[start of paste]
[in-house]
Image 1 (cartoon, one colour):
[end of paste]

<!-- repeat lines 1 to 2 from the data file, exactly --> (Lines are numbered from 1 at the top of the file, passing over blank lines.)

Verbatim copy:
[in-house]
Image 1 (cartoon, one colour):